Coupling Dendrochronology and Remote Sensing Techniques to Assess the Biophysical Traits of Juniperus virginiana and Pinus ponderosa within Grassland Communities in the Semi-arid Grasslands of the Nebraska Sandhills
Date of this Version
Allen, R. H. (2022).Coupling Dendrochronology and Remote Sensing Techniques to Assess the Biophysical Traits of Juniperus virginiana and Pinus ponderosa within Grassland Communities in the Semi-arid Grasslands of the Nebraska Sandhills (Master's thesis, University of Nebraska-Lincoln, Lincoln, Nebraska, USA). Retrieved from https://digitalcommons.unl.edu/
Woody species encroachment is occurring within the sandhills region in Nebraska, primarily driven by Juniperus virginiana and Pinus ponderosa, altering ecosystems and the services they provide. Effective, low cost, and cross-scale monitoring of woody species growth and performance is necessary for integrated grassland and forest management in the face of climate variability and change. In this study, we sought to establish a relationship between remote sensing-derived vegetation indices (VIs) and dendrochronological (raw and standardized tree ring width) measurements to assess the performance of encroaching woody J. virginiana and P. ponderosa located within the Nebraska National Forest in the sandhills. We hypothesized that the environmental stresses that impact foliage growth and photosynthetic capacity of J. virginiana and P. ponderosa will also affect tree ring growth, which can be detected using remote sensing techniques, and that the impact of abiotic stresses on tree performance would be decoupled from that of adjacent grasslands due to differences in physiology, response to stress, and rooting depth. We evaluated relationships between the abiotic environment (precipitation, temperature, Palmer Drought Severity Index (PDSI), and soil water content 0 – 3 m depth), tree ring growth, and VIs. Our results indicate that precipitation, temperature, and PDSI were significant (p < 0.05) predictors of J. virginiana and P. ponderosa growth based on dendrochronological and VI measurements (1984 – 2013), while soil water content from 40 – 300 cm was a significant predictor of J. virginiana performance (2005 – 2013). Out of six VIs, four (NDVI, GCI, GRVI, and LSWI) were significant predictors of tree ring growth for both species. R2 values between grassland VIs and growing season climate were greater than those of J. virginiana or P. ponderosa, while grassland performance was decoupled from soil water content. We determined via Least Absolute Shrinkage and Selection Operator (LASSO) regressions that previous year climate was an important determinant of current year growth of both tree species but did not affect current year grassland performance. This study provides evidence for the efficacy of VIs in monitoring interannual variations in the growth of woody species, while determining abiotic factors significantly impacting the growth of grassland vegetation, J. virginiana, and P. ponderosa in the sandhills region.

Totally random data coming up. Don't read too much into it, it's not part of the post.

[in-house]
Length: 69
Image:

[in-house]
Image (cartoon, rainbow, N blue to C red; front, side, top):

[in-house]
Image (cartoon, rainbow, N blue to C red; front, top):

Advisor: Tala Awada